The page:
2010 Medals Make Olympic History

The dreams of hundreds of Canadian athletes took physical form on Thursday when VANOC unveiled the actual gold, silver and bronze medals for the 2010 Olympic and Paralympic Winter Games. Not that they could unveil them all of them at once – for each medal is different than the next and each is a unique work of art.

The medals, produced and supplied by the Royal Canadian Mint and Teck Resources Ltd., make history in several ways. Each medal features its own piece of contemporary Aboriginal artwork. And, as you can see in the photos, all medals are undulating rather than flat.

The waving style of the 615 Olympic and 399 Paralympic medals draws inspiration from mountains, ocean waves and drifting snow. The Olympic medals are 100 mm wide, 6 mm thick and weigh between 500 and 600 grams – some of the heaviest in history. The 2010 bronze medal will also make Olympic history as the first to be made out of pure copper. (Typically tin is mixed with copper.) Each gold medal is plated with six grams of gold.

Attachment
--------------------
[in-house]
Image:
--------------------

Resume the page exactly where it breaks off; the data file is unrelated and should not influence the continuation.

Each Olympic medal will be a cropped-section of a master artwork of an orca whale. The artist is Vancouver’s Corrine Hunt, an artist of Komoyue and Tlingit heritage. In this way, no two medals are the same. Each medallist will receive a silk scarf printed with the full orca master work. The black-and-white whales frequent the waters off Canada’s West Coast.

“I like that it’s a very original concept and that each one will have its own unique pattern,” said freestyle skier Veronika Bauer. “That’s special. I can’t wait to get one!”

The Olympic medals are embossed with the Olympic Rings, the official names of the Games in French and English, Vancouver 2010 emblems and the name of the sport and event the athlete competed in. “With Glowing Hearts/Des plus brillants exploits”, the motto of the 2010 Games, is written along the blue and green ribbon from which the medal hangs.

Also a first for Olympic medals, they contain gold, silver and copper recovered from end-of-life electronics such as televisions and computer equipment (“e-waste”) that would otherwise head to the landfill.

For a full range of information about the 2010 Olympic and Paralympic medals, visit .